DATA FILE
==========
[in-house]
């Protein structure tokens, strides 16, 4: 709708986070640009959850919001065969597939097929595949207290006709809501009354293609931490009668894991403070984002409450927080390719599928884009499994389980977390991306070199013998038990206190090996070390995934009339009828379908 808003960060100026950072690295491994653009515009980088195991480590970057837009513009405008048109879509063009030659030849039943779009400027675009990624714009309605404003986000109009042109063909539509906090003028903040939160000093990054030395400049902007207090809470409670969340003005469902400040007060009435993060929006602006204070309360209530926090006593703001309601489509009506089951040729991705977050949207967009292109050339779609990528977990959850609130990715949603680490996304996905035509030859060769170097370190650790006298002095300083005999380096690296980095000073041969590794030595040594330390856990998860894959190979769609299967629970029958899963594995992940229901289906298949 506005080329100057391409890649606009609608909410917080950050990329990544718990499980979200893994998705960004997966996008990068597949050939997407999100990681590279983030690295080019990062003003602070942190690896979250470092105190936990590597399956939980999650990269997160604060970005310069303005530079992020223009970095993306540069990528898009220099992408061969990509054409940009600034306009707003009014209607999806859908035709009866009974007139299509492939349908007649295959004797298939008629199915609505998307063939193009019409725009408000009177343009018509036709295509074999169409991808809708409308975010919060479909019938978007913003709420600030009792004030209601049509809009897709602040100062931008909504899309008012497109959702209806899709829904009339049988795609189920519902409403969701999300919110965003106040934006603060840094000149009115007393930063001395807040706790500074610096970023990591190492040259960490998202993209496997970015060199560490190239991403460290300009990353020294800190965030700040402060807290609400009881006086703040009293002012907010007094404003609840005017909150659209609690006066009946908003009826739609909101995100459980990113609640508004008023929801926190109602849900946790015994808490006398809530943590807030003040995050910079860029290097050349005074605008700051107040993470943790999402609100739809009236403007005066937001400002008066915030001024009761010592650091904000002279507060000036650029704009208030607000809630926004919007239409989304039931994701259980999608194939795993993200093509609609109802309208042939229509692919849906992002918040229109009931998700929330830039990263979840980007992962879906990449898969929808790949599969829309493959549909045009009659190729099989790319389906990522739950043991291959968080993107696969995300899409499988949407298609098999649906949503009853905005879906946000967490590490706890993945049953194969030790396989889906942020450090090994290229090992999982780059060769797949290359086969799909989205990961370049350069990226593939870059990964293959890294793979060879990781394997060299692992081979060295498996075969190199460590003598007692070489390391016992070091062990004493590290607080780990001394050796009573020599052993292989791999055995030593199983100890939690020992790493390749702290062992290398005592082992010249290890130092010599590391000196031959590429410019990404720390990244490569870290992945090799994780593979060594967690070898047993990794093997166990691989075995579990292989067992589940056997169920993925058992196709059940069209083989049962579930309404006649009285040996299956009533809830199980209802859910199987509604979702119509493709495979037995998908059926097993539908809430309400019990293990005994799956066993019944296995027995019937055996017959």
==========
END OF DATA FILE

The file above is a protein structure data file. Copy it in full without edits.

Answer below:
[in-house]
């Protein structure tokens, strides 16, 4: 709708986070640009959850919001065969597939097929595949207290006709809501009354293609931490009668894991403070984002409450927080390719599928884009499994389980977390991306070199013998038990206190090996070390995934009339009828379908 808003960060100026950072690295491994653009515009980088195991480590970057837009513009405008048109879509063009030659030849039943779009400027675009990624714009309605404003986000109009042109063909539509906090003028903040939160000093990054030395400049902007207090809470409670969340003005469902400040007060009435993060929006602006204070309360209530926090006593703001309601489509009506089951040729991705977050949207967009292109050339779609990528977990959850609130990715949603680490996304996905035509030859060769170097370190650790006298002095300083005999380096690296980095000073041969590794030595040594330390856990998860894959190979769609299967629970029958899963594995992940229901289906298949 506005080329100057391409890649606009609608909410917080950050990329990544718990499980979200893994998705960004997966996008990068597949050939997407999100990681590279983030690295080019990062003003602070942190690896979250470092105190936990590597399956939980999650990269997160604060970005310069303005530079992020223009970095993306540069990528898009220099992408061969990509054409940009600034306009707003009014209607999806859908035709009866009974007139299509492939349908007649295959004797298939008629199915609505998307063939193009019409725009408000009177343009018509036709295509074999169409991808809708409308975010919060479909019938978007913003709420600030009792004030209601049509809009897709602040100062931008909504899309008012497109959702209806899709829904009339049988795609189920519902409403969701999300919110965003106040934006603060840094000149009115007393930063001395807040706790500074610096970023990591190492040259960490998202993209496997970015060199560490190239991403460290300009990353020294800190965030700040402060807290609400009881006086703040009293002012907010007094404003609840005017909150659209609690006066009946908003009826739609909101995100459980990113609640508004008023929801926190109602849900946790015994808490006398809530943590807030003040995050910079860029290097050349005074605008700051107040993470943790999402609100739809009236403007005066937001400002008066915030001024009761010592650091904000002279507060000036650029704009208030607000809630926004919007239409989304039931994701259980999608194939795993993200093509609609109802309208042939229509692919849906992002918040229109009931998700929330830039990263979840980007992962879906990449898969929808790949599969829309493959549909045009009659190729099989790319389906990522739950043991291959968080993107696969995300899409499988949407298609098999649906949503009853905005879906946000967490590490706890993945049953194969030790396989889906942020450090090994290229090992999982780059060769797949290359086969799909989205990961370049350069990226593939870059990964293959890294793979060879990781394997060299692992081979060295498996075969190199460590003598007692070489390391016992070091062990004493590290607080780990001394050796009573020599052993292989791999055995030593199983100890939690020992790493390749702290062992290398005592082992010249290890130092010599590391000196031959590429410019990404720390990244490569870290992945090799994780593979060594967690070898047993990794093997166990691989075995579990292989067992589940056997169920993925058992196709059940069209083989049962579930309404006649009285040996299956009533809830199980209802859910199987509604979702119509493709495979037995998908059926097993539908809430309400019990293990005994799956066993019944296995027995019937055996017959």